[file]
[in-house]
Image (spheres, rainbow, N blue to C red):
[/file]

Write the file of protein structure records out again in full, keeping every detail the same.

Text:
[in-house]
Image (spheres, rainbow, N blue to C red):